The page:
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Antony Antoniou – Luxury Property Expert

Up to one third of BTL landlords may be forced to sell

Up to one third of BTL landlords may be forced to sell

Up to one third of BTL landlords may be forced to sell


Up to one-third of buy to let landlords may be forced to sell after failing their lender’s affordability tests, as I previously covered in other videos, when you buy a property with a buy to let mortgage, the lenders conduct something called a stress test, and this is where they test that the rent will cover the interest payment at a rate of 125 percent.

In other words if the interest payment is 100 pounds per week for example, then the rent needs to be £125 or more net, after any expenses. Recently over the last few months, many lenders have increased that to 141 percent and as many buy to let landlords are finding, their fixed deals possibly of two or less than two percent, are ending.

They have been struck with regards to qualifying for a buy to let mortgage by two different problems firstly is the falling value of their property and many buy to let landlords are mortgaged at around 75 percent loan to value, this is all well and good in a rising market, but when property begins to fall, landlords who remortgage to buy more properties and have all their properties mortgaged at 75 loan to value during high property prices can suddenly find over a few months that their loan to value rate goes from 75 percent up to 85/90% or more, meaning that they won’t qualify for any new deals and those who do have a buffer in terms of loan to value often fall down on the improved stricter stress test which has meant that many buy to let landlords have deals ending at two percent or less and they have no alternative but to go on to standard variable buy to let rates which are as high as 9.5 percent and currently that doesn’t really seem to be any light at the end of the tunnel.

There are a few buy to let deals around the five or six percent mark, but they are very strict in terms of the criteria with regards to the stress test, they have very high fees, both application fees and exit fees, so add to that the possibility which is still unclear that within two years all Buy-to-Let properties that need to be brought up to an EPC rating of a c minimum, except for those which have existing tenants in place but landlords would be short-sighted to not improve their properties to a c during the next couple of years anyway, for many reasons one because it is morally right to do so, because the better the EPC rating the cheaper the property is to run for the tenants and it is a warmer and healthier environment, number two that if this does go ahead many landlords are going to find themselves with very unhappy tenants as the reality of living with within a property with a low EPC rating will be brought home to tenants who are living in properties with an EPC of a d or an e, f are already illegal and trying to get all of the work done in one go when thousands of other landlords are also doing the same thing will end up costing more.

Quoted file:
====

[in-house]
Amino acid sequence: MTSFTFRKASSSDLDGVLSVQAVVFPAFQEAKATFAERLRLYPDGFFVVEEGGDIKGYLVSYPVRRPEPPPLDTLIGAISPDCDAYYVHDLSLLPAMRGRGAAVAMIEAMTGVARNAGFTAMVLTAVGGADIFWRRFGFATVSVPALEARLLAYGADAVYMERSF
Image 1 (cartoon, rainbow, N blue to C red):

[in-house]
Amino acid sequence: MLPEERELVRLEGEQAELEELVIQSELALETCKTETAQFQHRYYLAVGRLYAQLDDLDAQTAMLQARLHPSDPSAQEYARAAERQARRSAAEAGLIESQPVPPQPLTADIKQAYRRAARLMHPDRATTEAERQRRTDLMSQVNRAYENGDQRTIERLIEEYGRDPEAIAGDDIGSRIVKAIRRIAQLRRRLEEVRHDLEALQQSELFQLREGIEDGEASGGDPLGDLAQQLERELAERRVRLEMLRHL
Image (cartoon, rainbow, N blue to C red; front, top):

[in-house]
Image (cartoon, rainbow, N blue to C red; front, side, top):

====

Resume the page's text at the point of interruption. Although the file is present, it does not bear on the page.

In that event I would recommend having a proper EPC consultation, not just an EPC but to have an energy performance consultant visit your property and actually give you a report on work that will need to be done in the most cost effective manner to bring your property up to a rating of a c, it need not be an enormous task it need not cost the Earth, for many it may very well require additional Loft insulation possibly the replacement of your boiler, possibly some internal insulation of external walls, but that’s not a definite, an improvement in heating controls trvs on all the radiators, separate zones for upstairs and downstairs, at this point the EPC rating only gives you credit for two zones no more than that, but if you have a proper consultation then you can work yourself out a route to improve your property stage by stage, to get it up to an EPC of a c, because already there are lenders who will not give buy to let mortgages on properties that are a d or lower knowing that in two years time those properties may well be illegal to rent out.

With regards to the financing side if you have any questions please feel free to forward them to me and I will ask James our in-house Financial Consultant to respond to them in our next financial property Financial Q&A and that’s all for now and I’ll see you in the next video.

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